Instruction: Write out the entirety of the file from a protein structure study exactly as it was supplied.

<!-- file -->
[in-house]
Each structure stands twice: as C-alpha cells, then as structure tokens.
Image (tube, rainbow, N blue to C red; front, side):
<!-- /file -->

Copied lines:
[in-house]
Each structure stands twice: as C-alpha cells, then as structure tokens.
Image (tube, rainbow, N blue to C red; front, side):